This post was originally published on this siteQuick post. I have published my ActiveCluster implementation guide for vSphere Metro Storage Cluster (vMSC). You can find it...
Today Pure Storage announced FlashBlade, a truly innovative advancement in All-Flash storage technology that will revolutionize the use of capacity-optimized storage platforms with traditional and emerging workloads. Just imagine what you could accomplish from a storage platform that delivers the performance of flash and PBs of elastic scalability in 4 rack units for less than $1 per usable GB. That’s less than the cost of going to the cloud that’s all-flash and resides in your data cnter!
Leading the Evolution of the All-Flash Market
For many the all-flash market has only recently become a viable replacement for 15K and 10K based arrays as the legacy disk vendors are no longer able to explain away the market share losses of their tier-1 storage platforms.
The volume of unstructured data is exploding globally. It’s the fastest growing data set in the data center (and cloud) with 500 quadrillion files created annually (and increasing). The struggle to address this growth with traditional scale-out NAS arrays and open source based server platforms powered by slow 7,200 RPM SATA and NL-SAS drives screams for innovation in the storage industry.
With FlashBlade, Pure Storage is solving these challenges while also unleashing a new level of performance, economics and data center efficiency.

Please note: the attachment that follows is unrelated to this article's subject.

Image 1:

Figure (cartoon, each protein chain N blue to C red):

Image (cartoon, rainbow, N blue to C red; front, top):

Welcome to Big Data in a Blisteringly Fast World
Want in on a counter-intuitive industry secret? Most block-addressed all-flash arrays like the FlashArray //m support workloads that require nowhere near the advertised performance limits. In reality, for every customer who accelerates a demanding OLTP database, two customers adopt an all-flash array to simplify operations, reduce data center footprint and reduce server footprint and software licensing costs.
With FlashBlade, I expect we will see the performance promise of flash take center stage. The benefits available to large scale applications and processes that are measured in terms of wallclock time will unlike any performance gains seen in the last decade.
The initial release of FlashBlade will target computational intensive datasets and cloud-scale applications like bioinformatics, cyber-security, design and simulation, forensic workloads, and ‘Internet of Things’ (aka sensor and telemetry data processing). Over time the plan is for FlashBlade to expand into more common NAS use cases include file services and backup. While these examples may not require the performance of flash, organizations will benefit from massive data center efficiencies in power, rack space and operational simplicity.
Let’s Look at FlashBlade in Greater Detail
FlashBlade provides 1.6PBs of usable capacity and 15GBs of bandwidth to NAS and Object accessed workloads in 4RU. It’s the culmination of a massive engineering effort. Part blade-based scale-out architecture, part distributed operating system (Elasticity OS), part software-defined networking, and part flash memory (which is not SSD based). In addition, there’s no SCSI interfaces, SAS networking, interposers or legacy interfaces which ultimately impact the efficiency of which IO can be transferred between memory based devices. The engineering team has delivered an amazing amount of work in making FlashBlade a reality.